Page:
Metaphysical Developer

The Issue with Static Typing

Posted in Languages by Daniel Ribeiro on June 30, 2010

“Shouldn’t we use Scala?” is a recurring question my peers make me. I think it is fair, since I have advocated in the past that Scala has a lot of strong points compared to Java. Furthermore, this question is usually made in contrast to dynamic languages, usually Ruby or Python.

Since I don’t want to discuss that common confusion of  strong with static typing, I’ll try to be very clear about what I’m talking about. By static type I mean that the types of all data must be known at compile time. By dynamic I mean that the types may not be known until runtime. Of course, this ignores languages that have mixed typing, such as Groovy, Objective-C and C#4.0 (as it includes the dynamic keyword), but for argument’s sake, these can be ignored as the issues of static typing will apply to these as well whenever you are using it, and will not whenever you aren’t. The common examples of languages are Smalltalk, Clojure, Erlang, Ruby, Python, Lisp, Lua, Javascript, for dynamically typed, and Java, Haskell, Scala, C#, C++ for statically typed.

Statically typed languages have as usual claimed benefits that they are faster than dynamic languages, their types provide documentation of the methods and functions, static analysis tools can be more comprehensive and yield better results, and automated refactoring is a lot easier to accomplish and can also give better results. All of these reflect more the current state of implementation and tooling of such languages than of intrinsic property of the type of the language. Steve Yegge has argued this about the speed property, but one can argue for dynamic language that its tooling could use type information from runtime sources, such as unit-testing, to yield similar results .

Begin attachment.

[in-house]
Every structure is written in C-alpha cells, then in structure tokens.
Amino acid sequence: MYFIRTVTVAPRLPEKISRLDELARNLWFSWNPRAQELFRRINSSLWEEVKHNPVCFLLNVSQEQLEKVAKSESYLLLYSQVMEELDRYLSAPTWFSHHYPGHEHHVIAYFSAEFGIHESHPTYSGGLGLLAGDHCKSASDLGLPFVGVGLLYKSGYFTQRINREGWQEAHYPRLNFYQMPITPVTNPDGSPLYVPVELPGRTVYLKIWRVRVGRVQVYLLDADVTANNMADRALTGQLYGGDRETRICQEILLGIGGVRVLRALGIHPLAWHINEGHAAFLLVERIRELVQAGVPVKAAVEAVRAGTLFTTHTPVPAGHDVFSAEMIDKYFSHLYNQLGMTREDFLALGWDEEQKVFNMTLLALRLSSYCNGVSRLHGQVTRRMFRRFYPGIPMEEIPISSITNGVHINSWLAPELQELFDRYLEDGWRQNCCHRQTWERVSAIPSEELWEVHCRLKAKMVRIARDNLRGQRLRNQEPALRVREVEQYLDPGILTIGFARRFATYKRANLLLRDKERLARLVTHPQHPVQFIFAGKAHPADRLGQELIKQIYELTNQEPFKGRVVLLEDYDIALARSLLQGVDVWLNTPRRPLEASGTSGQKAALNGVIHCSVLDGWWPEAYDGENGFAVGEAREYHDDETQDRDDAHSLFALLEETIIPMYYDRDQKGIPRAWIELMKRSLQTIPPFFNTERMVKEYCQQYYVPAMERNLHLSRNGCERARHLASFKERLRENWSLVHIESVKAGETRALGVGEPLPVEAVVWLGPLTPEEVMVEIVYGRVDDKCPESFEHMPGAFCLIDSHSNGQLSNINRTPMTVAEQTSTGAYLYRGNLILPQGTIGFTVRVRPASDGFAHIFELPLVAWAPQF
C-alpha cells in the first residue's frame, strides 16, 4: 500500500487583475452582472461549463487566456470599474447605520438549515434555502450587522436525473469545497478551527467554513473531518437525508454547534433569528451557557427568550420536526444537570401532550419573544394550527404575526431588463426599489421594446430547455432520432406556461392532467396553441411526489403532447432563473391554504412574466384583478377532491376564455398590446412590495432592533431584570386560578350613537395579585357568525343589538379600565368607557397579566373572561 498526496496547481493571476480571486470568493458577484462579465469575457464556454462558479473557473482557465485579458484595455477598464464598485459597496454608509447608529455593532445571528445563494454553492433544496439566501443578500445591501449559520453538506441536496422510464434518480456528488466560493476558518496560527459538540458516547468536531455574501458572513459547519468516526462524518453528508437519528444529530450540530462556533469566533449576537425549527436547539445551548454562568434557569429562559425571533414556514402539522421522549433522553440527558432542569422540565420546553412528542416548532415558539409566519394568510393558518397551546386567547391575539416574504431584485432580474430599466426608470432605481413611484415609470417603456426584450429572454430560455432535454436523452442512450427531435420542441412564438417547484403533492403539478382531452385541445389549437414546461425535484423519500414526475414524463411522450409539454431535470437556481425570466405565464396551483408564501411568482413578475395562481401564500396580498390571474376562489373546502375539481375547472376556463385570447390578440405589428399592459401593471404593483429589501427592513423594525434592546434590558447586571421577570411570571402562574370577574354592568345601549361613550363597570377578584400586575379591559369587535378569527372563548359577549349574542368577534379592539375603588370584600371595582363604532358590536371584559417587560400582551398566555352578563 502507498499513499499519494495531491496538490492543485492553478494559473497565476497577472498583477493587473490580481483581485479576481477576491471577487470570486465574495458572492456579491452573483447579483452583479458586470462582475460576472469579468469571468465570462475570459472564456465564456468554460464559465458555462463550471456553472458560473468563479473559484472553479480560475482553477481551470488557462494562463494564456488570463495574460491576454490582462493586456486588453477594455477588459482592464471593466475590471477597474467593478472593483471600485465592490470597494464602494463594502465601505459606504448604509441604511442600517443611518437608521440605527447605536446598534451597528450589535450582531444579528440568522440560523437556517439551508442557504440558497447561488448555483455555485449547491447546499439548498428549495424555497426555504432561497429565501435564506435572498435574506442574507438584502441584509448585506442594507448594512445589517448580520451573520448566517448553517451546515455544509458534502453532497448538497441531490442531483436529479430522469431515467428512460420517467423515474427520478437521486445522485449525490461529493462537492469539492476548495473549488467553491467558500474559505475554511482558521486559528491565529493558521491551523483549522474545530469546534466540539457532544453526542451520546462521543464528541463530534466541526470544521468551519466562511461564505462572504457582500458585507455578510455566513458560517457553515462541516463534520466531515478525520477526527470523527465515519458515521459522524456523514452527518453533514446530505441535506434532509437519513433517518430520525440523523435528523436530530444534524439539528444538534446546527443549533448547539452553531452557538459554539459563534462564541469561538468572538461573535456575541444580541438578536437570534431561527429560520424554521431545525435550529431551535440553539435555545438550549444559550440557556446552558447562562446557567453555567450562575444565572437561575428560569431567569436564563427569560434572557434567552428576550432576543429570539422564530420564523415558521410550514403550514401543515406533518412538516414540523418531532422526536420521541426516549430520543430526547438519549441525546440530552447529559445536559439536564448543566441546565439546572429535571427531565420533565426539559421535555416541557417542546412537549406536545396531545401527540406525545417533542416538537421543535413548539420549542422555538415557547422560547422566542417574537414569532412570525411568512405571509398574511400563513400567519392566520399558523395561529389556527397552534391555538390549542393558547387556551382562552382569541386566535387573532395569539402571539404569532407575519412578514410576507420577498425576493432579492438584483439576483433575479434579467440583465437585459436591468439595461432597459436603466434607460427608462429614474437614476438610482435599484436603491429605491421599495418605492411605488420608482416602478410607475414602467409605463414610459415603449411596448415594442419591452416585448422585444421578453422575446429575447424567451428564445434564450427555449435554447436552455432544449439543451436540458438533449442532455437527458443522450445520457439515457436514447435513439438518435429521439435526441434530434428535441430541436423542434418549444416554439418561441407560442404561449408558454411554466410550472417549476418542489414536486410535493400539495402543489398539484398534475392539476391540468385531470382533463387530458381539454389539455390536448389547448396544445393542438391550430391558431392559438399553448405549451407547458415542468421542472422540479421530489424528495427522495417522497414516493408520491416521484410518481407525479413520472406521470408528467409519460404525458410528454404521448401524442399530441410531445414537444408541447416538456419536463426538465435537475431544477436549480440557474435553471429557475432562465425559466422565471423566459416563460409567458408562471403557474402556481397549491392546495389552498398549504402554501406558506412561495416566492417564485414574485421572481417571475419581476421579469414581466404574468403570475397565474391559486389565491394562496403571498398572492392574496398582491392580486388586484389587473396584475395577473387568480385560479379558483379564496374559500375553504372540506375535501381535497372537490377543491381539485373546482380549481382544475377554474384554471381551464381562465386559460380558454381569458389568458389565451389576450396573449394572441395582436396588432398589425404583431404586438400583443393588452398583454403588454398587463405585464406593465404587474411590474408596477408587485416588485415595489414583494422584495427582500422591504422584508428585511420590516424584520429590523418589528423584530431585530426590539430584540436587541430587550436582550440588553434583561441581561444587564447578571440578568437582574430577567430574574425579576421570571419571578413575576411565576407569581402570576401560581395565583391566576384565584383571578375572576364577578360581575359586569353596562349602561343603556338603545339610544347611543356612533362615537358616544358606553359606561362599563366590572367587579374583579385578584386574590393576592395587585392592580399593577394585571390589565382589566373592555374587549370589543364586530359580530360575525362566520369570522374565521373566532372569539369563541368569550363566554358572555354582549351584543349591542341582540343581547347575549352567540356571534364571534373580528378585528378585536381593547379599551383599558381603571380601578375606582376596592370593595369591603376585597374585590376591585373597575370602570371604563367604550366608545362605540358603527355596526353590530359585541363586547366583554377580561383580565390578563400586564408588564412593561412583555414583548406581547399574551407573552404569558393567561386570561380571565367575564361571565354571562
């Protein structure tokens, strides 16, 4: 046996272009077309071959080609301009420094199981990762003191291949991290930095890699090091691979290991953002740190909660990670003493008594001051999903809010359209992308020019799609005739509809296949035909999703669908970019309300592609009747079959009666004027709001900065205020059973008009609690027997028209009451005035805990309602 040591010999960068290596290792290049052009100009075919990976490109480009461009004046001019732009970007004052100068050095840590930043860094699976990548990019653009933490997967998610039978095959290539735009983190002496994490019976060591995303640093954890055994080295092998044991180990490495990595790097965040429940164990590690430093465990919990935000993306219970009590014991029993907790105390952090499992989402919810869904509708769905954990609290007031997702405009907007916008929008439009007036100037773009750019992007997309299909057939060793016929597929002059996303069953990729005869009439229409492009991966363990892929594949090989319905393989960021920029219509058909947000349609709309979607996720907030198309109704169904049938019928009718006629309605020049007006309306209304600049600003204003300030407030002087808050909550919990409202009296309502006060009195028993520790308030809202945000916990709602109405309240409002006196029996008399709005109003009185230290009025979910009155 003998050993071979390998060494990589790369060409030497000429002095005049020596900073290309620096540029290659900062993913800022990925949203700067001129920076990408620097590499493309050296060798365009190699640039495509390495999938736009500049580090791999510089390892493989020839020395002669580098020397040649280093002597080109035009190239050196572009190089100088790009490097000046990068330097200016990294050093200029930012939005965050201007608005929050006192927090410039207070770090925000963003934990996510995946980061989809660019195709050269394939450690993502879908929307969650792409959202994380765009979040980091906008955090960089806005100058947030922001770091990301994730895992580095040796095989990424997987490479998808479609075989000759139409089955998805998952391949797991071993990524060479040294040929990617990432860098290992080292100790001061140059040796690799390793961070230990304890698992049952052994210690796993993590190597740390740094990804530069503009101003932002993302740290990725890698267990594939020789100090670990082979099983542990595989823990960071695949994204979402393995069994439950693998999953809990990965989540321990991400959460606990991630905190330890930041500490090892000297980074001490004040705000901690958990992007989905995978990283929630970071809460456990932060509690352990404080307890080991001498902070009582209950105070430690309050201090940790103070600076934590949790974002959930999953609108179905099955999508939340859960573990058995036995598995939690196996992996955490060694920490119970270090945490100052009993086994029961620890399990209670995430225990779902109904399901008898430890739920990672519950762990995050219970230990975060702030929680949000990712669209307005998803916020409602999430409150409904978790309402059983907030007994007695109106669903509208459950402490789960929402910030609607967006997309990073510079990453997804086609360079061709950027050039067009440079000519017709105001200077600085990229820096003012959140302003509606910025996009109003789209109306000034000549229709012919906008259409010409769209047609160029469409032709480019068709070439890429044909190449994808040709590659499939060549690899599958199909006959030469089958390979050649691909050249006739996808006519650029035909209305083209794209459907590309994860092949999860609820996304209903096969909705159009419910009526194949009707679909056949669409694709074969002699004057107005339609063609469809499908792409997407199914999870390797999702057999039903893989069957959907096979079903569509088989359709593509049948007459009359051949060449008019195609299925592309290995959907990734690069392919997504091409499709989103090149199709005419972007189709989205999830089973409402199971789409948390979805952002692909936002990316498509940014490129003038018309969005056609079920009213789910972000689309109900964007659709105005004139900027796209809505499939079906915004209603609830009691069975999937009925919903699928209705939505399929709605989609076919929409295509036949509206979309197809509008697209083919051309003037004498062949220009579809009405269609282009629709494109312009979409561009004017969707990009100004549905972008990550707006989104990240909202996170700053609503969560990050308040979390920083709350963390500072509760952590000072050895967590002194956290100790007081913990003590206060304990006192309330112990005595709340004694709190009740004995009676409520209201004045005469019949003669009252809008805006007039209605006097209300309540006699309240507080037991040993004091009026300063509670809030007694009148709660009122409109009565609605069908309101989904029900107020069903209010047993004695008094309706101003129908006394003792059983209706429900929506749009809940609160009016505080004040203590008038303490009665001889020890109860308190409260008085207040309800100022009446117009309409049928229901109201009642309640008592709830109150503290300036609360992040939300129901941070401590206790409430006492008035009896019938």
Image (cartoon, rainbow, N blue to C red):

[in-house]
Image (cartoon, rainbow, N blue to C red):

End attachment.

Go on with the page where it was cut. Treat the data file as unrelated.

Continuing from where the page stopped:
But some hidden complexities take place when using static typing, which may overthrow any possible benefits coming from it:

  • The biggest one is type coupling. For instance, in dynamic languages, renaming an interface is trivial as most interfaces are not even declared, just documented (such as “this must implement less than”). Structural typing can ease this, so can type classes. However, even languages that support these can have problems with other refactorings, such as adding methods to an interface. Paul Graham comments about this a little (on the essay Hackers and Painters):